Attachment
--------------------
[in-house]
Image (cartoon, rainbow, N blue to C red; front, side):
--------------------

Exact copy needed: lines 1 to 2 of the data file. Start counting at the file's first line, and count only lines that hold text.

[in-house]
Image (cartoon, rainbow, N blue to C red; front, side):